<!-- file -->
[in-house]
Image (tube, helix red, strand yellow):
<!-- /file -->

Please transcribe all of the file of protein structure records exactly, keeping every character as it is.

[in-house]
Image (tube, helix red, strand yellow):